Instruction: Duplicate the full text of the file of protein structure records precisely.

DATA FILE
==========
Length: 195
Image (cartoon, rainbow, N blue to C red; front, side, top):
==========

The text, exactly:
Length: 195
Image (cartoon, rainbow, N blue to C red; front, side, top):